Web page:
‘Swallower By Light’ by Eliza Outlaw

I wake up screaming.

The pounding in my head is almost as painful as the scratch marks I inflicted in my sleep. Fire flickers before my eyes, but I blink it away. Get dressed; pack bag: food, jumper, pills, lighter. When I walk downstairs, mam’s waiting with breakfast. 

‘Where are you going?’ she asks. But she sees the answer in my eyes; she tries to block the door with her body but I twist my way through, pressed against the doorframe.

They turn up a block away from the house; the three surround me with greetings, talking like it wasn’t only a week since I last saw them. When we reach the gate, we race the length of the neglected garden where the grass reaches our hips.

The house itself was newly built but abandoned when money was scarce. It was our place, the only place we would meet up. Never outside. I ask what’s been happening. 


A standard reply. The day is wasted with pointless games. Until the sun is setting on the hill behind the house.

By tradition, we go to get the sticks, shouting instructions to each other across the garden. A passerby looks at my friends, who are in hysterics behind me. The stranger’s eyes scan as her brow knits with worry before moving on.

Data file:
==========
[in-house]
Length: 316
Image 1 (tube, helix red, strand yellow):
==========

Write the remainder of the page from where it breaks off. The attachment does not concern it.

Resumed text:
They put the sticks down and I light the fire. My hands brush the pills but it didn’t feel right to take them whilst they were around, so I didn’t. My hands itch to make flames so I do. They flicker in the fire light glowing and then are gone.

Forcefully, the fire is spreading. The walls are licked with golden light. I laugh alone at the irony. It’s the second time this building burnt. The second time my friends were gone. I feel their ash as if they died today. It’s not real. It’s a memory. I see the glisten of my heavy, metal fire lighter. The flames dance and I scream; it’s swallowed by the night and I am swallowed by light.

Photo by Nikolai Ulltang from Pexels